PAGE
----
Every week I get at least one call from a client that goes something like this:

"Doctor, my family and I are ready for a new pup, and we're having a hard time deciding on the breed. My son wants an American bulldog, and my husband wants an English bulldog. I'd really prefer a pug, but I know I'm outnumbered. What do you think?"

What I want to say is this:

"Since you’re the one making this phone call I suspect you're destined to be the responsible party in this endeavor. Moreover, I've met your useless husband and that delinquent of a sixteen-year-old son. Consider your own role in this project as far more important than that of the two ineffectual men in your life."

But what I really say is this:

"Knowing your wonderful family as I do, I think you might want to consider a compromise. American bulldogs are … and English bulldogs are … so perhaps a French Bulldog would satisfy the entire family. May I supply you with a website to learn about the breed along with the names of some responsible local breeders?"

Thus I steer her towards a breed I know she can handle on her own and one that won’t offend the masculine sensibilities that need sorely to be disabused of the misconception that they run the household.

You may well ask, "What do you think you're doing?" Why do vets always think they have the authority to recommend specific breeds when, 1. there are so many unwanted, wonderful mixed breed dogs out there; and, 2. breed selection is not truly the purview of a medical person?

Both points accepted respectfully. Let me now say that, 1. these callers are always individuals I've dealt with frequently. I know when they won't accept anything but a purebred, so I steer them towards shelters and strays whenever remotely possible; and, 2. these people are calling because they have no other dog resources in their lives. If they were integrated into any kind of dog society they'd already have a solid idea of what breed they'd best bond with.

Furthermore, should I neglect to provide a specific breed along with resources for them to locate pups, I'd soon have an unhappy, overwhelmed client living with either a pet shop-bred, non-potty-trained pug (whom the father and son might pitilessly abuse), or an American bulldog (lower-priced and more readily available in Miami than an English bulldog) who spends his whole life out-of-doors. This is the reality of veterinary practice. Sometimes you have to step a little outside of your role for the benefit of dogdom.

More rarely, but often enough, I receive calls from sophisticated dog people who want my take on all the health risks of specific breeds they've already thoroughly researched. Now that's where I'm most likely to stay put in my rightful veterinary place and give the straight medical opinions I'm well qualified to provide.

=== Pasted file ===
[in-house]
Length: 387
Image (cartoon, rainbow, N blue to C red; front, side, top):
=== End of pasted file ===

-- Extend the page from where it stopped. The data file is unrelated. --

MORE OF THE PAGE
While in vet school we had this elderly jokester of a professor who loved to say that the best way to start a vet practice was to become a shar-pei, boxer, and English bulldog breeder simultaneously. In this way you'd immediately secure a clientele for all things dermatologic, respiratory, ophthalmic, behavioral, cardiac, gastrointestinal, oncologic and orthopedic.

As a previous boxer owner I'd have to agree. Between my two boxers I have treated three cancers, two eye disasters, two cruciate ligament tears, a soft palate resection, severe allergic skin disease, refractory nasal bordetella, chronic colitis and cardiomyopathy. But I'll still recommend boxers that come from excellent breeders (I happen to know one who's bred cancer-free boxers for over three generations).

While it's true that some breeds have more issues than most, the real issue is always in the breeding and never the breed itself. If you can breed to propagate specific health disasters like hip dysplasia and dermatologic allergies, you can also breed these problems into submission. Experienced breeders know how to do this. Responsible breeders practice this art daily. They follow their pups' health through adulthood, keep meticulous records, select breeders for their health over their appearance, and outsource new bloodlines from like-minded breeders with whom they've formed close connections. It's not easy.

Still I agree, most people are much better off with a simple stray pup. In terms of genetic well being, the odds are generally in their favor. But if it must be a purebred, as in most cases I confront, then better it be a breed and breeder of my choosing than a puppy mill Cockapoo with suppurating ears and congenital cardiac disease. Can you blame me?

Dr. Patty Khuly